The lack of an authority to certify the quality of imported agricultural machinery in the country is causing loss to both farmers and the sector of agricultural machineries, engineers said at a seminar on Thursday.
Bangladesh is still largely dependent on imported agricultural capital machineries that are often found substandard and their repairing and maintenance costs become a burden after several months, they said.
‘The establishment of an authority to standardise agricultural machineries have become an urgent necessity,’ said Bangladesh Agricultural University’s farm power and machinery professor Monjurul Alam.
The substandard machineries are brought every year to be used in the agriculture sector and exported machineries are no better, he added.
The seminar, titled Agricultural Mechanisation in Bangladesh: Present Status and Future Strategy, was organised by the Institution of Engineers, Bangladesh in the afternoon.
Bangladesh Agricultural Research Institute chief scientific officer Ayub Hossain presented the keynote paper.
He said that farmers used machineries in planting and sowing seeds of about 5 per cent of crops.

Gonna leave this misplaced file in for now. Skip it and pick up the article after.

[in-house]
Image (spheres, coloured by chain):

About 7 per cent of harvesting and 8 per cent of weeding are done using machineries, said the keynote speaker.
About 90 per cent of irrigation and threshing is done using machineries, he said.
‘Mechanisation can ensure efficient use of agricultural input,’ he added.
Agriculture minister Muhammad Abdur Razzaque said that agricultural mechanisation was inevitable as manual labour was turning expensive every year.
‘Mechanisation will bring down the cost of production by saving both time and labour,’ he said.
He urged engineers to work hard to mechanise the agriculture sector and expand the processing industry.
Bangladesh is completely dependent on import for tractors, diesel engines, power tillers, rice transplanters, reapers and combined harvesters.
Razzaque said that the government had allocated Tk 3020 crore for agriculture mechanisation this year.